Cookbooks of the Year

If you buy only two this year, let it be these

THE BASICS
by Filip Verheyden
$29.95, Melville House Press

PORK & SONS
by Stephane Reynaud
$49.95, Phaidon

As much as I love the new hot dish, the new hot flavor, I tend to love them only in restaurants. When it comes to my own actual kitchen I am viciously minimalist. I have exactly four knives: an eight-inch chef's knife, a paring knife, a serrated bread knife, and another chef's knife that leaves the drawer whenever someone is helping me cut things, which isn't all that often. I wander through kitchen stores and cannot fathom why anyone would want a knife block as overstuffed with options as an Iowa caucus. Pick me! Pick me! At what point does choice become a tyranny of its own? I feel certain that if I had to spend 30 seconds selecting a knife every time I cut something, over the course of a year that would add up to never sending a thank-you note again. Or not washing my face. Something dire.

Run, bike, or drive to get Pork & Sons—everything you want to know about cooking a pig
From Pork & Sons, Stéphane Reynaud. Courtesy of Phaidon Press.
Run, bike, or drive to get Pork & Sons—everything you want to know about cooking a pig

I'm similarly ruthless about cookbooks: Scores, if not hundreds, pass through my house every year. (Publisher's Weekly informs me that some 3,000 books are published in America every day, though they fail to say whether that includes Groundhog Day. Either way, I think even groundhogs, with their ability to create free underground storage, would agree that's too many. Who has the room?) I admire many of the cookbooks, but the rubber hits the road at the end of the year when I see who has been admitted to my kitchen and who has been consigned to the basement. I keep a single two-foot shelf in my kitchen for the crème-de-la-crème, can't-live-without-them elite, so when I name my two best cookbooks of the year I am not just being nice. These are the books that this year banished Silver Palate and Martha Stewart to the basement. I guess the '80s really are dead.

Both my picks were originally French bestsellers, newly translated in 2007, and I don't know whether to make anything of that. There have been some interesting dustups in the world of food lately as to whether, with Spanish chefs and flavors ascendant, French cooking really matters anymore. Personally I don't see the controversy, as most of the Spanish cooking that people are loving so much looks to me like French cooking using Spanish ingredients. But perhaps this question has been reverberating more deeply in France than any American can really understand, causing the French to re-examine the basics of what, how, and why they're cooking.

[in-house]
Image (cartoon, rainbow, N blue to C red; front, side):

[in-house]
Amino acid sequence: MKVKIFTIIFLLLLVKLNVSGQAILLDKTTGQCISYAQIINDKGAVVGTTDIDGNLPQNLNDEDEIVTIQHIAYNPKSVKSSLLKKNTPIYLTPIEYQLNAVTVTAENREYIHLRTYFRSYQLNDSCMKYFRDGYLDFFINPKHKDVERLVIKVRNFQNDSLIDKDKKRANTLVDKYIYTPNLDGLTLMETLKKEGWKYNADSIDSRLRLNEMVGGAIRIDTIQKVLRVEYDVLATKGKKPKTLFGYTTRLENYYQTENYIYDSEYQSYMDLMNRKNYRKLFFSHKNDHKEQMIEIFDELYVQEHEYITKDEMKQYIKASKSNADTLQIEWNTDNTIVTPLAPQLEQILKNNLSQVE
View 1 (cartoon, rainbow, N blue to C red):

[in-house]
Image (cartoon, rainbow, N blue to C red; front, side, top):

Well, maybe not, as the author of The Basics is Belgian. Still, Filip Verheyden has penned a French cookbook that was a French bestseller and rocked my world. Why? Would you believe me if I told you he's managed to distill the purest elements of haute restaurant cooking into a pocket-sized photo book? He has. This thing is a peculiar little beast, like no cookbook I've ever seen. It's only six inches high, with a plain black cloth cover, gilt edges, and a red ribbon to keep your place with. It looks like a small Bible, not a cookbook. It's only about 300 pages long and consists of a mere 150 recipes or techniques, most only a sentence or two, and each illustrated by a gorgeous facing-page photograph by Tony Le Duc.

Many of the techniques aren't even that interesting to me. The book's weakest page is probably its first, which explains how to "bard" (to wrap meat in something else, like bacon or grape leaves.) But I've read hundreds of salad dressing recipes in my life, and the one here just struck me like a bolt of lightning. I'll reprint it in its entirety: "For 4: 1 cup heavy cream, juice of 1 lemon, sugar, salt, and pepper. Mix the cream and lemon juice, then season with sugar, salt, and pepper." That's it! That's all. That's the whole recipe. No exotic ingredients, no elaborate techniques, just the essence of a cream salad dressing presented in a way I've never seen. (A further "tip" adds that you can amend this with finely chopped herbs, paprika, and other flavorings, but fails to note you could also base most of haute cuisine on this combination.) Okay, some of you are thinking: Listen, crazy lady, I do not want a quarter cup of cream on my salad. Neither do I, but it's the basic-ness of the recipe that inspires me; it's like Verheyden took the last hundred years of cooking advice, embellishments, improvements, nutritional advice, and other useless rigamarole and stripped them away, leaving nothing but the basic ingredients and simplest techniques you would ever use to reach the desired end.

What I see when I look at that cream salad dressing recipe is freedom. If you're a sophisticated enough cook, you'll look at that and intuit a lifetime of variations. If you've never cooked a lick, well, I envy you—if this was your first cookbook, it would lead to such a nice and easy only-two-knives sort of life. If you don't want a nice and easy life, The Basics also distills the essence of the world's most au courant cooking techniques in 10 simple pages, explaining how to make a foie gras foam (using a nitrogen-charged whipped-cream maker), an agar-agar-based, Ferran Adria-style spinach jelly, and so on. The Basics has even changed the way I make pancakes, and I've been making pancakes since grade school. Is there any higher praise I could give a cookbook?

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